Vive la France!

Vive la France!

Welcome to my blog -- follow us as we travel around France.

Thursday, October 7, 2010

Languedoc - Day 12: Grotte des Demoiselles

We started the day at the market in Paulhan, which is the next good-sized town north of us.  Much bigger than Lezignan, but smaller than Pezenas. It is a nice market -- not as busy as Pezenas' or Clermont's, but has all the goodies.  Since we are moving on Saturday, we didn't buy a lot, just some bananas & a shallot.  I bought a scarf for 6 euros -- I guess I want to attempt to be French-chic.  French women (& even some men) all seem to have scarves wrapped around their necks.

After the market we drove maybe 40-50 km north to the Grotte des Demoisselles.  When we got there at about 12:45, we found it was closed until 2:00 (the information I had said it was open 10:00 - 6:00), so we went back down to the village to find some lunch.  Nothing looked very promising, but we did find a boulangerie open, so got something to eat & drink.  Just after we sat down at the table outside, they closed up, so we didn't get there a minute too soon!

After lunch we went back up to the Grotte and parked up in the bus area, so Mom  could sit in the cafe -- we knew it wasn't something she would be able to manage.  The Grotte is an underground cavern that was discovered in 1770.  It has several huge rooms with concretions.  One room is 394 feet long, 262 feet wide, and 164 feet high.  We started out in a funicular, which took us up a 38% grade.  Once up there, we started to climb and descend stairs:  561 one of them!  Each turn in the pathway was an eye-ful of beautiful formations lit with flood lights.  The stairs were very good -- concrete -- and some had handrails of steel pipe and some had cement railings.  In places the stairs and railings were wet and slippery.  Some of the passages were very narrow.  Of course the guide spoke only in French, but it was the first guided tour in French we've been on that I didn't think was too long because there was so much to look at.  The guide also spoke very conversationally rather than as though reading from a script.  All of the other people were French, and were all were very nice and friendly.  This was truly an awesome experience and well worth the trip up there, and each step, too.  While Jan & I were in the cavern, Mom was in the cafe reading her Kindle and conversing with one of the men who works there.  He had been to caves in the US and speaks English.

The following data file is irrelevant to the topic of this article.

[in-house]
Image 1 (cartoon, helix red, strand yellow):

After we got home, Jan & I fixed dinner.  I fixed duck breast with a sauce made from Muscat, orange juice, butter, S & P, shallots, and figs -- there is a fig tree behind the house, so we managed to harvest a few of them.  The duck was vacuum sealed and the skin had been removed, but the fat left on.  I scored the fat, and put it in a hot skillet to sear.  After turning, I put it in the oven for 20-30 minutes to finish.  The fat rendered out, leaving a crispy crust on top.  With potatoes, green beans & carrots, and a salad, it was a pretty good dinner.

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